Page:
Impact on People or Canada
This document compiled for Ontario electricity consumers provides an comprehensive explanation of the hidden-costs of industrial wind energy. It also directly addresses the question of whether wind power provides a meaningful reduction in carbon emissions.
The California Environmental Quality Act (CEQA) complaint was filed last week by Stephan C. Volker of Volker Law on behalf of two rural East County grassroots non-profit groups. It challenges the San Diego County Board of Supervisors' May 15th 4-1 vote approving the Wind Energy Ordinance and Plan Amendment that sacrifices predominantly low-income rural communities and valued resources for unreliable, intermittent, and expensive industrial-scale wind and solar projects.
This important letter was submitted to the Commissioner John Auerbach of the Massachusetts Department of Public Health in regard to industrial scale wind turbines being built close to where people live and gather.
In times of low wind, or during maintenance, a wind turbine will consume a small amount of power to run computers, communications, hydraulics, yaw motors, heaters and radiator fans. When a turbine is generating, its power curve (or rated output) is net of power consumption, so it does not draw power from the grid at that time. Commercial scale wind turbines produce power 70-80% of the time, with output ranging from a small amount to the full rated capacity of the turbine. A typical wind turbine will produce 100 times more power than it consumes in a given month. Its consumption and peak load are very small. A 1.8 MW turbine may have peak load of 27kW, with a resting consumption of as low as 5 kW. Wind turbines are principally suppliers of power to the system, and any consumption is purely incidental. As such, wind turbines are not typical demand customers and should not be treated as other loads.
The Cape Cod Commission (CCC) has asserted that the Cape Wind energy project qualifies as a Development of Regional Impact (DRI) under Section 12(i) and 13(b) of the Cape Cod Commission Act. The CCC staff report can be accessed from this page.
This case study investigates the impact of wind turbines on residential property values. The study looks at homes near the Melancthon Wind Facility located in Shelburne, Ontario, Canada. The project was built in two phases between 2006 and 2008. It consists of 133 GE 1.5 megawatt turbines with a total nameplate capacity of 200 megawatt. Excerpts of the report appear below. The full case study can be accessed by clicking on the link at the bottom of the page.
Thousands of industrial-scale wind turbines are being built across the world each year to meet the growing demand for sustainable energy. Bats of certain species are dying at wind turbines in unprecedented numbers. Species of bats consistently affected by turbines tend to be those that rely on trees as roosts and most migrate long distances. Although considerable progress has been made in recent years toward better understanding the problem, the causes of bat fatalities at turbines remain unclear. In this synthesis, we review hypothesized causes of bat fatalities at turbines. Hypotheses of cause fall into 2 general categories—proximate and ultimate. Proximate causes explain the direct means by which bats die at turbines and include collision with towers and rotating blades, and barotrauma. Ultimate causes explain why bats come close to turbines and include 3 general types: random collisions, coincidental collisions, and collisions that result from attraction of bats to turbines. The random collision hypothesis posits that interactions between bats and turbines are random events and that fatalities are representative of the bats present at a site. Coincidental hypotheses posit that certain aspects of bat distribution or behavior put them at risk of collision and include aggregation during migration and seasonal increases in flight activity associated with feeding or mating. A surprising number of attraction hypotheses suggest that bats might be attracted to turbines out of curiosity, misperception, or as potential feeding, roosting, flocking, and mating opportunities. Identifying, prioritizing, and testing hypothesized causes of bat collisions with wind turbines are vital steps toward developing practical solutions to the problem.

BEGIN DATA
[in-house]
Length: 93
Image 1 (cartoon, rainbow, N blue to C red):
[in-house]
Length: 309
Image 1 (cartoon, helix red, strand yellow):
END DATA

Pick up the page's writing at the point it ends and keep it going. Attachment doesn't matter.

The Town of Clayton, in Jefferson County New York, has released comments issued by Cavanaugh Tocci Associates in regard to the preconstruction sound level study conducted by PPM Energy for the Clayton Wind Farm. CTA's comments can be accessed by clicking on the link at the bottom of this page. The first two pages of the file provide an executive summary of the comments delivered to the Town at the request of the Town Board.
This letter was sent to Jim Lepinski of the Wisconsin Public Service Commission. The letter captures the anger and frustration of people living within a quarter-mile of industrial turbines.